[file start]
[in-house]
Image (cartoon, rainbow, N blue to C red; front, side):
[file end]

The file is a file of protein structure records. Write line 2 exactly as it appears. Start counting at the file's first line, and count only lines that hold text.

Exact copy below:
Image (cartoon, rainbow, N blue to C red; front, side):